As a book publicist I get asked by clients and authors about going to the National Publicity Summit in New York. I’ve attended almost every Summit since Steve Harrison started it and go once or twice a year to create new media relationships, maintain old ones and of course, to pitch my clients to the media. Through the Summit, I’ve gotten clients booked on Fox News, PBS, CNBC, MSNBC and a number of national magazines.
I represent a lot of authors. Here’s the problem: authors have to do most of the promotion of their books if they want them to sell. Even if you’ve been picked up by one of the big publishing houses, they only do so much to get you media attention. This is the reality.
So, let’s say you decide to get media attention yourself. You plan your trip to New York City, where most of the big media are headquartered. You roll into Manhattan with your strategy all laid out: “First, I’m going to try to meet with the producer of Good Morning America, and then I’m going to Fox News, and then I’m going to see the guy at Reuters. After lunch, I’m going to try to talk to the Today Show and then I’m going to stop by and see if I can talk to the producer of 60 Minutes.”
Forget about it. It’s not going to happen.
Reason #1 why I recommend the Summit for many people is access, one-on-one, to these media gatekeepers in a very efficient and organized event. But is it for every author? Depending on your situation, it may or may not make sense to go. I’d recommend it if you have a consumer-oriented, non-fiction topic. Does it have broad audience appeal? Can your book help the average person in their day-to-day lives? If so, then it makes sense for you to consider attending.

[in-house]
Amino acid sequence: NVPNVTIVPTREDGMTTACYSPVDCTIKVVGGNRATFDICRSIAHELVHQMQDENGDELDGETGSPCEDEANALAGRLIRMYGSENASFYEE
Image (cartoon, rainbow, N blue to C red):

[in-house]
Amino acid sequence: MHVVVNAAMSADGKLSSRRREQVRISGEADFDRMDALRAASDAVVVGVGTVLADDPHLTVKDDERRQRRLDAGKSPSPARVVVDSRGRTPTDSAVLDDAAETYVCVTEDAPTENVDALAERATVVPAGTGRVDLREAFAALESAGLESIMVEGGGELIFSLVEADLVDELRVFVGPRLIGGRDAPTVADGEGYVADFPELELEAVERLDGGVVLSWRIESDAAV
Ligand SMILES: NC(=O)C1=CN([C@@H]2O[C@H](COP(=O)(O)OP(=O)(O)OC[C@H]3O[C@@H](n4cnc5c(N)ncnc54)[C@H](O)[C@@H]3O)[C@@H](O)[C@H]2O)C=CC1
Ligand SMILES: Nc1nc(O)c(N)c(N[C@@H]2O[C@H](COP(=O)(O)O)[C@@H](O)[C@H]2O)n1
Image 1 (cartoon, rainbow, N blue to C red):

If you have a highly technical topic such as how computers work, or one about a historical event such as WWII, it probably doesn’t make sense to go to the Publicity Summit, unless you can connect your book to current trends. (In fact, the Summit staff will probably turn down your application if they feel that the media would not be interested in the topic.) Generally, fiction, poetry and books about localized topics will not do well at the Summit. For example, a book about the best bars in Chicago would probably not be of interest to the national media who attend the Summit.
Should you go if you feel you’re not ready to meet the media? Here’s the dirty little secret: no-one feels ready. Don’t worry about that. If you’re an expert with a decent topic with a unique angle, the Summit can work for you. Go there to build relationships, yes, but also go to get feedback from the news industry professionals. I’ve seen people before the Summit starts coming in thinking they’re heading in one direction, then after having interacted with 100 journalists and producers, leaving with all new information or direction…a better book title, the perfect pitch, new business ventures and relationships.
I’m such a fan of Steve Harrison and his National Publicity Summit that I am now an affiliate for the Summit. If you are interested in attending please check out this link: http://j.mp/PR-Summit
To sell your book or product, you have to do whatever it takes to create a buzz. As a public relations professional, the best thing I can do for my clients is stay current with my media connections so that I can pitch their topics. A resource I’ve clued into is the National Publicity Summit in New York City.
I attend this event to meet media once or twice a year and have gotten clients booked on Fox News, CNBC, NPR and in a number of national magazines as a result It’s not an inexpensive event, but I have found that it’s an efficient use of my time and money.